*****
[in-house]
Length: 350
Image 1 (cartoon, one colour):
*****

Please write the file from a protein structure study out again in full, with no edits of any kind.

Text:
[in-house]
Length: 350
Image 1 (cartoon, one colour):